On the surface, the store seemed quite similar to any Toys R Us in Canada or the US. Toys in the front, Babies R Us in the back. Toys are toys, right?
And then I saw this:
They appear to be samurai costumes for babies and little kids. Very cool, I thought. And then I saw the price. The cheapest one was over $800; the most expensive, over $1,000!!
Throughout the rest of the store it was easy to tell which toys you wanted to buy. The areas were clearly labelled girls toys and boys toys.
Each of the main toy areas had a video running showing the toy in action, because of course your Lego Ninjago figures can do flips unassisted by a human hand.
Even the check out had a video with its display. And these videos work. Eamon has never looked twice at Shopkins, but today he watched that video intently. Given the chance, he may have bought the character that looks like a chocolate bar.
The Star Wars section was a big draw with our family.
How this compares to the merchandise at home, I have no idea since we left before the new movie was released. But I am pretty sure that you can't buy a samurai helmet for Darth Vader, even on-line (left hand side, third one down). Sadly, I didn't think to get a better photo of the other on-line options. I think I was stunned into inaction.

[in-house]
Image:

This was the best display in the shop in my view. It's a Lego spaceship with hologram action. I hope this works when I post the blog. It's quite captivating.
Another surprise, and this isn't really toy related, though it's in the toy shop, were the backpacks that were for sale. Of course, there were the kid friendly ones with the princesses and action heroes, but there were also the ones we see all the little school kids using. They are big and utilitarian. They are also expensive at over $300 each!!
We all enjoyed our stop at the toy store. Meaghan finally found a Rey action figure from Star Wars. Eamon wanted to buy one of everything, but settled for just one, finally.
After seeing the kids in the store, I have to say, there probably aren't that many differences between the toys here and at home when you're a kid. Toys really are just toys.